People always tend to push the boundaries of what is doable with a 3D printer. This is also true for [AndrewW1977] when he decided to 3D print a full-sized functional surfboard.
With just over nine full days of printing time, 95 individual pieces, and using 3.1 kg of PLA (not counting all the test prints), this is certainly a monumental project. One of the bigger issues [AndrewW1977] had to solve was avoiding air pockets inside the board. Ideally, you would want to end up with only one continuous hollow chamber in order to easily vent all the air inside the board when it heats up. [AndrewW1977] chose to overcome this problem by using zero infill for each individual piece. The pieces were then connected with the help of alignment pins that have a central hole thereby connecting all hollow chambers.
By using a triangular shape, he managed to print all pieces without using supports. After gluing them together the whole board was covered with fiberglass and epoxy resin similar to traditional surfboard building. Unfortunately, due to the current situation with Covid19 [AndrewW1977] remains short of showing us the board in action. In case you have a 3D printer at home and lots of spare time during lockdown, [AndrewW1977] has published all files for his surfboard on Thingiverse.
As [AndrewW1977] points out in the video embedded below other people have already done similar projects. From jet boats to electric hydrofoils it seems that water sports and 3D printing are a perfect match.
Continue reading “Don’t Let Your PLA Filament Hang Loose With This 3D-Printed Surfboard”
[Ryan Schenk] had a problem: he built the perfect surfboard. Normally that wouldn’t present a problem, but in this case, it did because [Ryan] had no idea how he carved the gentle curves on the bottom of the board. So he built this homebrew 2D-scanner to make the job of replicating his hand-carved board a bit easier.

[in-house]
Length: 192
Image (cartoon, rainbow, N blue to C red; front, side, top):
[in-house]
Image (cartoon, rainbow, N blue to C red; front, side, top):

Dubbed the Scanbot 69420 – interpretation of the number is left as an exercise for the reader, my dude – the scanner is pretty simple. It’s just an old mouse carrying a digital dial indicator from Harbor Freight. The mouse was gutted, with even the original ball replaced by an RC plane wheel. The optical encoder and buttons were hooked to an Arduino, as was the serial output of the dial indicator. The Arduino consolidates the data from both sensors and sends a stream of X- and Z-axis coordinates up the USB cable as the rig slides across the board on a straightedge. On the PC side, a Node.js program turns the raw data into a vector drawing that represents the profile of the board at that point. Curves are captured at various points along the length of the board, resulting in a series of curves that can be used to replicate the board.
Yes, this could have been done with a straightedge, a ruler, and a pencil and paper – or perhaps with a hacked set of calipers – but that wouldn’t be nearly as much fun. And we can certainly see applications for this far beyond the surfboard shop.
In the world of surfing, the equipment available is as diverse and varied as the enthusiasts themselves. Different boards are optimized for different conditions and styles, and the industry continues to innovate towards ever greater performance. [DARK-labs] aim to bring data analysis into the field to help create boards personalised to the individual.